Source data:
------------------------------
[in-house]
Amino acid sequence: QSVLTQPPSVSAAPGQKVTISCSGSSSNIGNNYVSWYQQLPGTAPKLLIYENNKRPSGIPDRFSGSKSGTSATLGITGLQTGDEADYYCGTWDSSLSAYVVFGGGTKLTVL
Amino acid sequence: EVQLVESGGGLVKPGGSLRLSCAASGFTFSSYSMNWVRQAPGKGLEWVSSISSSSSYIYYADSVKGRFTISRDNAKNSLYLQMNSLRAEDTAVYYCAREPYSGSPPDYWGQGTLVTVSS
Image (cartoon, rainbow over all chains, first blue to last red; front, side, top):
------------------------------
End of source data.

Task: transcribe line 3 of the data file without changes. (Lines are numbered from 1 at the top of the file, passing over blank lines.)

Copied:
Amino acid sequence: EVQLVESGGGLVKPGGSLRLSCAASGFTFSSYSMNWVRQAPGKGLEWVSSISSSSSYIYYADSVKGRFTISRDNAKNSLYLQMNSLRAEDTAVYYCAREPYSGSPPDYWGQGTLVTVSS